On February 11, 1805, Sacagawea gave birth to a baby boy called Jean Baptiste Charbonneau. To quicken the delivery one of the Natives in the area gave Sacagawea some doses of rattlesnake concoctions. The baby was later nicknamed “Little Pomp” by Captain Clark.
Sacagawea’s role during the Lewis & Clark Expedition
After the wintering conditions had passed, the Lewis and Clark expedition set out to climb up the Missouri River. They travelled in native canoes called pirogues (piragua), bracing against the current which sometimes made the trip very arduous and risky.
In one incident that happened on May 14, 1805, one of the canoes carrying vital supplies of the expedition tripped over. Had it not been for the timely and heroic work of Sacagawea vital journals, provisions and clothes would have been lost. Sacagawea rescued majority of the fallen items, proving her worth to the team. As a sign of appreciation of her efforts, the leaders of the expedition named the river the Sacagawea River, which is a tributary of the Musselshell River found in north-central Montana.
In August 1805, the expedition group had made their way to a Shoshone village. Coincidentally, the tribe’s chief was Sacagawea’s brother, Cameahwait, who she was absolutely excited to see. Lewis and Clark could easily communicate to the tribe using Sacagawea and Charbonneau as their interpreters.
Due to the cordial relationship that was built, the team bartered horses so as to make it across the Rocky Mountains. Again, Sacagawea proved immensely useful during the negotiations for the horses. Chief Cameahwait even gave the expedition team a number of guides to help them make it across the cold and infertile Rocky Mountains.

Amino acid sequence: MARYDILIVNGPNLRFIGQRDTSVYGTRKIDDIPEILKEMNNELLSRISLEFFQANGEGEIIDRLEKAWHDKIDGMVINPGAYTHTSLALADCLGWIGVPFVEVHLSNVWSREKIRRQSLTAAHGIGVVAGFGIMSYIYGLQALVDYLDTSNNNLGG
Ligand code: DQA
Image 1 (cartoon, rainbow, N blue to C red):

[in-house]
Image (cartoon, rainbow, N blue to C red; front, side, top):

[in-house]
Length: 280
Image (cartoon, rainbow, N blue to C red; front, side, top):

Bearing in mind that the Rocky Mountains they had to cross was barren, the Lewis and Clark expedition team resorted to eating tallow candles to survive. They would scrape through until they finally made it to warmer regions of the mountain, where Sacagawea cooked camas roots (Indian/wild Hyacinth). The medicinal properties of the roots helped revitalize members of the expedition.
The fur robe for President Thomas Jefferson
Sacagawea’s commitment to the cause of the Lewis and Clark expedition was unwavering, putting her life and that of her child on the line in a bid to see to it that the expedition attained its objectives. As a sign of kind gesture, she traded in her beautifully designed beaded belt in order to buy a fur robe for President Thomas Jefferson. The fur robe was purchased at a region close to the mouth of the Columbia River.